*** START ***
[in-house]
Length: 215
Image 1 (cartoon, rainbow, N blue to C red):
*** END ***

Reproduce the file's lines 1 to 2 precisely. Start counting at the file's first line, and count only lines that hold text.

[in-house]
Length: 215